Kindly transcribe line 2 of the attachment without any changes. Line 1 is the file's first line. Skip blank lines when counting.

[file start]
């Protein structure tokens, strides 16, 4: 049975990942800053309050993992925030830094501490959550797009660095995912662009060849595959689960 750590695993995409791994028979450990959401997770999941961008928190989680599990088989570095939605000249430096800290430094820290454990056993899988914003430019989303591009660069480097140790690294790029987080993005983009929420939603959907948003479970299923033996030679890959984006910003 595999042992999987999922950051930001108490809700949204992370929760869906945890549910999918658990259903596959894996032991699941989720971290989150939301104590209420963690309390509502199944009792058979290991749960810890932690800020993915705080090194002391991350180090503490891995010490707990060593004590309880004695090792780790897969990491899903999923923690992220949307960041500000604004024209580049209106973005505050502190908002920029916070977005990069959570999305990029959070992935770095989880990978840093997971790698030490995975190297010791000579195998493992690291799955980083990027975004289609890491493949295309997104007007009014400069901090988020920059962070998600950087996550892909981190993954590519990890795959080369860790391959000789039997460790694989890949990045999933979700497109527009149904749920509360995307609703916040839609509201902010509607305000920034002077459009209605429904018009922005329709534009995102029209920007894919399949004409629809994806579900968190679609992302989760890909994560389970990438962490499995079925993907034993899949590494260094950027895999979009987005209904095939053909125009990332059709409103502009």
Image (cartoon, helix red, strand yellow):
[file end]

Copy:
Image (cartoon, helix red, strand yellow):